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I have a log file in the log.txt file, I want to sort the username with the latest login

Example- If the user PAUL has 2 logins for January and one login for February it should take the February login details( as last login for PAUL)

INPUT FILE: log.txt--

Administrator-25/02/2013
Administrator-26/03/2013

OUTPUT FILE-

Administrator-26/03/2013
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possible duplicate of perl program taking the latest login for all users –  dgw Apr 29 '13 at 8:33
1  
So this is a log file, where entries are appended as they happen? Is there any reason to suspect that entries do not come in date order? In other words, is there any reason the last entry would not be the most recent? –  TLP Apr 29 '13 at 9:48
    
Although this question is closely related to the one referenced as a possible duplicate, the other is closed and deleted, so it is not a good 'exact duplicate' at all. The question is rather simple, especially as the file being analyzed appears to be a regular log file that will contain the latest entry for a given as the last entry for said user, so all that's needed is to read the entries, and keep the latest record for each each user. –  Jonathan Leffler May 1 '13 at 4:43
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3 Answers 3

If you can convert the date to the ISO format, you can use simple string comparison on it. See xkcd on ISO 8601.

#!/usr/bin/perl
use warnings;
use strict;

sub later {
    my @dates = @_;
    for my $date (@dates) {
        $date = join '/', (split m(/), $date)[2, 1, 0]; # Fix StackOverflow's syntax highlighting: /
    }
    return $dates[0] lt $dates[1];
}

my @lines = qw(Administrator-25/02/2013
               Administrator-26/03/2013
               Guest-01/01/2012
               Administrator-01/01/2012
             );

my $user = 'Administrator';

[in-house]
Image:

my $last = q();

for my $line (@lines) {
    next unless 0 == index $line, "$user-";
    my $date = (split /-/, $line, 2)[1];
    $last = $date if later($last, $date)
}

print "$last\n";
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As a slightly overlong one liner

perl -F\- -l -a -n -e ' $d=join(q(/),reverse split(q(/), $F[1])); $l{$F[0]}=$d if (!exists($l{$F[0]}) || $l{$F[0]} lt $d); END{ for (sort keys(%l)) { $v=$l{$_}; print "$_-",$l{$_} }}' logfile.txt

Autosplit on - and populate a hash based on the largest date

The output is in "reverse" date order as that's what I used to compare

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Comparing date using Unix time:

#!/usr/bin/perl
use strict;
use warnings;
use POSIX qw(mktime);
$\="\n";

open my $fh, '<','log.txt' or die $!;
my %h1;
while(<$fh>){
        chomp;
        my ($user,$date,$mon,$year)=split(/[\/-]/);  #Split record 
        my $tm=mktime(0,0,0,$date,$mon-1,$year-1900); # Calculate the epoch
        if (!exists$h1{$user} or ($h1{$user}<$tm)){  # store the bigger value in hash with the use as the key
                $h1{$user}=$tm;
        }
}
# Sort the hash on the basis of the key and print it
foreach my $k (sort keys%h1){
        my @val=localtime($h1{$k});

        $val[4]+=1;
        $val[5]+=1900;
        print $k,'-',join "/",@val[3..5];
}

Input file(log.txt):

Administrator-25/02/2013
Administrator-26/03/2013
Administrator-27/02/2013
xyz-31/01/2013
xyz-31/03/2013

On running the script:

xyz-31/3/2013
Administrator-26/3/2013
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Thank u so much..now how do i sort the output entries based on the alphabetical order. –  user2223511 Apr 29 '13 at 10:55
    
updated the code to get in sorted order... –  Guru Apr 29 '13 at 11:08
    
Thank u for ur support. –  user2223511 Apr 29 '13 at 13:10
    
I cannot understand some statements in the code,can u comment the lines in the program.... –  user2223511 Apr 30 '13 at 9:05
    
u can u comment the code pls.... –  user2223511 Apr 30 '13 at 12:16
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